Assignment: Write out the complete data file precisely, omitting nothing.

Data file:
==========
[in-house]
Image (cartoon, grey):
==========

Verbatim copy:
[in-house]
Image (cartoon, grey):